McCain Speech Tied to Intelligent Design Group Draws Fire

ByABC News
February 22, 2007, 7:44 PM

Feb. 22, 2007 — -- Friday at noon in Seattle, Sen. John McCain, R-Ariz., will speak at a luncheon event being co-presented by the Discovery Institute -- the controversial organization that promotes intelligent design theory and combats Darwinism.

McCain is beng hammered by a liberal group for associating with the Discovery Institute, although the luncheon is being formally hosted by the CityClub of Seattle and the Seattle World Affairs Council, with the Discovery Institute is one of nine organizations "co-presenting" the event.

"Despite its self-proclaimed position as an unbiased think tank, the Discovery Institute has played a central role in the religious right's national campaign to undermine science education," Campaign to Defend the Constitution co-director Clark Stevens wrote to McCain Thursday. "Under the guise of 'teaching the controversy' the Institute has strived to discredit the theory of evolution -- a theory that has withstood decades of critical analysis from the scientific community -- and replace it with a religiously motivated pseudo-science with no scientific standing."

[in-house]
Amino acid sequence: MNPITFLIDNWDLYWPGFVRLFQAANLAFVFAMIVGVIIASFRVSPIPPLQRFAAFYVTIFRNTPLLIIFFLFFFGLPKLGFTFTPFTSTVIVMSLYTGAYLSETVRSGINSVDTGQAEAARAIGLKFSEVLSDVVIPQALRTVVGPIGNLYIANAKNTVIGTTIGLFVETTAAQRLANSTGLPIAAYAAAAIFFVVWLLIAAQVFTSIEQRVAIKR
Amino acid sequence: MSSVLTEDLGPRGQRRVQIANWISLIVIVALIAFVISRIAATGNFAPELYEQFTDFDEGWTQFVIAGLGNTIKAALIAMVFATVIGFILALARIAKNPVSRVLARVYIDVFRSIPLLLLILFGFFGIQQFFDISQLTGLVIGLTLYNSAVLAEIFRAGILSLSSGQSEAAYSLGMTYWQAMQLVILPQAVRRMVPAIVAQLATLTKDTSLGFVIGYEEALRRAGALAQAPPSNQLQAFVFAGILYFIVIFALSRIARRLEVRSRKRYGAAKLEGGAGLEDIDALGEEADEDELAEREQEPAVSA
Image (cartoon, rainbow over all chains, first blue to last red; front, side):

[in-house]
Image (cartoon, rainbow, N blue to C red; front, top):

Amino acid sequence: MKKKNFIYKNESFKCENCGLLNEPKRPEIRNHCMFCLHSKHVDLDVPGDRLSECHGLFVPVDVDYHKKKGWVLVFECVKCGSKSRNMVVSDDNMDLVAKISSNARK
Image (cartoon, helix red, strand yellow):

McCain's campaign pooh-poohs the controversy.

"He's addressing the Seattle World Affairs Council and CityClub of Seattle and there are a number of co-presenters as well, of which the Discovery Institute is one," says McCain exploratory committee spokesman Brian Jones.

Jones says he has seen the senator's speech and it "will focus on issues relating to foreign affairs, specifically about the Pacific Rim."

The Campaign to Defend the Constitution's Timi Gerson says the subject of McCain's speech doesn't matter, and is not the issue.

"It's outrageous for a nationally respected political leader of his stature -- who is furthermore a member of the Senate Committee charged with overseeing science -- to do anything co-sponsored by a group with an explicit anti-science agenda that is trying to push theology in the classroom," Gerson said.

Critics say that McCain's position on teaching intelligent design in schools is not easy to decipher.

In 2005, he told the Arizona Star, "I think that there has to be all points of view presented. But they've got to be thoroughly presented. So to say that you can only teach one line of thinking or one belief on how people and the world was created I think there's nothing wrong with teaching different schools of thought."